• I think the language it's set to is probably the difference between your setup and mine. Unfortunately it's very difficult for me to test, because to use a new user interface language, you have to pay Microsoft.

    Could you see what numeric unicode values Word is using to store the letters is? You can do this by running:

    foreach(char c in  wordApp.Selection.Text)
        System.Windows.Forms.MessageBox.Show(((int)c).ToString());

    While Ü, ü, Ö, and ö are selected in a document.

    • Edited by JosephFox Friday, August 17, 2012 9:56 AM
    Friday, August 17, 2012 8:24 AM
  • Hi LBertelsen

    Could you please specify the version of Word you're using? Not the language, the number (such as 2007). A modern version of Word should not be having problems handling Unicode. In any case, I very much advise you to not specify any kind of encoding. This should only be necessary if you're opening a plain text file or something that was created using a non-Unicode system. But since you're creating a new document from an existing template, as long as this template was created in Word 2000 or later, it should be fully unicode-enabled and have no issues with character sets.

    If that does not alleviate your problem, I have to wonder if part of the problem is that you're passing findText as an object, rather than a string. While the the Execute method requires an object, usually I create that object in the running procedure. Possibly, something is happening to the object when it's passed.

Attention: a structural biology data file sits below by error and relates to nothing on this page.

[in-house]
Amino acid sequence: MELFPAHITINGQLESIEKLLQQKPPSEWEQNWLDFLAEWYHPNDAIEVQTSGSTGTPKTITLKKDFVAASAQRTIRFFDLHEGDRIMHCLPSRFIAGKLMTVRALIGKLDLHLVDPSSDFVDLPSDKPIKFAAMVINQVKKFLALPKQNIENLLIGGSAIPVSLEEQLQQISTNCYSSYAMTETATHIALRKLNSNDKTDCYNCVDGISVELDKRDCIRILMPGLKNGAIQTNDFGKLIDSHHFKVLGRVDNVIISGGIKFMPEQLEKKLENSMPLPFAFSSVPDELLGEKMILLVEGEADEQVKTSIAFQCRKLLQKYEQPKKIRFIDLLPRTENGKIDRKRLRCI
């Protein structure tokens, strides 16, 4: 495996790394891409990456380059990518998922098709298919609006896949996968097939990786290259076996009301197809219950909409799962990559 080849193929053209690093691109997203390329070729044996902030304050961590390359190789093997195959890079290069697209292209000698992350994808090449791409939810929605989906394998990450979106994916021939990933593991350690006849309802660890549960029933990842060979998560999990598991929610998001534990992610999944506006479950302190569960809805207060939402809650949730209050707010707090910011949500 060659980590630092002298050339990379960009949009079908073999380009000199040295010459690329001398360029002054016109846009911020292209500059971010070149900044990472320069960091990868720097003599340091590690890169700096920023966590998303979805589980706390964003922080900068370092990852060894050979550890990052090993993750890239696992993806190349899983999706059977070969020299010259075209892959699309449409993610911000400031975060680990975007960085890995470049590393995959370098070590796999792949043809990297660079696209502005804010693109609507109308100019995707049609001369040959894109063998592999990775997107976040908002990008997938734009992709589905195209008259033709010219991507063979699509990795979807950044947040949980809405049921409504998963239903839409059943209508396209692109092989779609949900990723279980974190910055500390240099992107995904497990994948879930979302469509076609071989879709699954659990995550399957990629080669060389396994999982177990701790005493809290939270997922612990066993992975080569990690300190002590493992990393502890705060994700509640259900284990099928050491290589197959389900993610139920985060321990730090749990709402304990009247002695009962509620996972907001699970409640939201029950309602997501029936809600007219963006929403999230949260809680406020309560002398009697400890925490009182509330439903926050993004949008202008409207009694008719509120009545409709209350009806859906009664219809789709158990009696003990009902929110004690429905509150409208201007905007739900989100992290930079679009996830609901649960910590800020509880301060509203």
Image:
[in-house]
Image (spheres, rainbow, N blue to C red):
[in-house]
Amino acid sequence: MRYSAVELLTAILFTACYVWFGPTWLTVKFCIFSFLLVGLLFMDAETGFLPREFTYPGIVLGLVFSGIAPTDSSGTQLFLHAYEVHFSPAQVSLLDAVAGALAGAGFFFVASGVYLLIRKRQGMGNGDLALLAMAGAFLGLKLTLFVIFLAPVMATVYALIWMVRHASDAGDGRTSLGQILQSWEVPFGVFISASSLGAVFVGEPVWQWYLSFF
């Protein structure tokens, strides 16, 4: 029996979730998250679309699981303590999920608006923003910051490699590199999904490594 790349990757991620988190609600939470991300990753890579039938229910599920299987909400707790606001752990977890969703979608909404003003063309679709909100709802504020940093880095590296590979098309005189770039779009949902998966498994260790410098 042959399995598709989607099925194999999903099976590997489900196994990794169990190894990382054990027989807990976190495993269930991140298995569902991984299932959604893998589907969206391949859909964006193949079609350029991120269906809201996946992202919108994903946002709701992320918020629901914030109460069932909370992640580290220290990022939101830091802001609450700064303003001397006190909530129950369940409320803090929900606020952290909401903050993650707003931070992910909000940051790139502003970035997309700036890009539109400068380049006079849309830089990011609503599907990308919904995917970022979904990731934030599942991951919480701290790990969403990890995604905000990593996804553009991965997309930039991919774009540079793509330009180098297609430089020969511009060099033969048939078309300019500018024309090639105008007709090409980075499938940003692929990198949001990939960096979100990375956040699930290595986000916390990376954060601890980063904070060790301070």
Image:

As a matter of fact, looking at some sample code I have, I set Find.Text before executing and pass ref missing to Execute. Something like this (but note that this code does not try to duplicate your scenario - it's just something I have on-hand):

                    {
                        Word.Document doc = wdApp.ActiveDocument;
                        Word.Range rng = doc.Content;
                        Word.Find f = rng.Find;
                        object oTrue = true;
                        f.ClearFormatting();
                        f.Text = "[Ss]lide @[0-9]@>";
                        f.MatchWildcards = true;
                        
                        bool styleFound = true;
                        int counter = 1;
                        while (styleFound)
                        {
                            styleFound = f.Execute(ref missing, ref missing, ref missing, ref missing, ref missing,
                                ref missing, ref oTrue, ref missing, ref missing, ref missing, ref missing,
                                ref missing, ref missing, ref missing, ref missing);
    Note that I work regularly in multilingual environments, switching between German, English and French. I've never run into any difficulties with "special characters".

    Cindy Meister, VSTO/Word MVP


    Tuesday, August 21, 2012 3:15 PM
    Moderator
  • Hi Cindy,

    Thank you for your answer.

    Regarding version I am using Office 2010, the template is saved as 1997-2003 compatible could this be the issue?

    I have removed all the encodings from the code but still I get the same error.